- How would you define global citizenship?
- Are education systems really creating “global citizens?”
- How do we teach our children to become global citizens?
My Experience at the Varkey Teacher Ambassador Leadership Summit and the Global Education
By Hannah Dudich
At the Varkey Teacher Ambassadors Leadership Summit, we worked in mini groups developing products that aim to promote, support and engage with the GESF focus of how to create real global citizens. All the VTAs prepared lesson plans, shared successful educational practices, and discussed how they could impact beyond the school context. On the second day of the summit, the groups presented their products promoting global citizenship education in the form of letters, essays, video, social media, infographic posters, blogs, Padlet pages, websites and campaigns. The VTAs were asked to bring a small item representing their country. All these items were assembled into a peace symbol, surrounded by the VTA community to signify that teachers stand for peace. The VTAs will continue working on their final group products virtually after returning to their home countries.
The next stop of my educational journey to Dubai was at the Global Education and Skills Forum, a not-for-profit initiative organised by the Varkey Foundation. GESF brings together leaders and practitioners from the public, private and social sectors to address the challenges of education, employment and equality. This forum is often referred to as the “Davos of education”. Over two days, 1,600 delegates at the Forum shared, debated and shaped new ways for education to transform our world. The Forum started with the powerful Welcome and Opening Address featuring such inspirational speakers as Mr Vikas Pota, CEO, Varkey Foundation and Mr Sunny Varkey, Founder, GEMS Education, who highlighted the importance of bringing up real global citizens able to solve the problems of the modern world that previous generations have failed to address.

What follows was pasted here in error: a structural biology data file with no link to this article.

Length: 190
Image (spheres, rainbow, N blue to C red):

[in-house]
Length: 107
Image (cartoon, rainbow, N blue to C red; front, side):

EdTalks with special guest speakers delivered powerful messages, for example, how to empower all students to achieve their academic aspirations by Ms Erin Gruwell, Executive Director, Freedom Writers Foundation. In Debate Chamber, delegates could witness debates on topics like “Low-Cost Private Schools in the Developing World Should Be Banned”. Delegates could meet the mentors and have in-depth conversations with famous opinion makers, for example, listen to the inspirational yogi, mystic, visionary, and founder of the Isha Foundation, Sadhguru Jaggi Vasudev. Moreover, educators could also visit briefings on topics like “Technology in the Classroom” or “Delivering Education in Emergencies”.
Another option for professional development was to visit one of the workshops on continuous learning or on increasing role of girls in STEM or to attend masterclasses by Top 10 Global Teacher Prize 2017 finalists. In the Future Zone delegates could interact with educational technologies that are going to change the world: virtual children, augmented reality, virtual reality, robots that children teach, origami mechanics, Kinects to teach teachers and other educational technologies of the future.
Ann Mroz, the publishing director and editor of TES magazine said: “If we empower teachers to be the best they can be we can transform education – and the world”. After attending the VTA Summit and GESF I really feel empowered and inspired and would like to share these emotions with fellow teachers.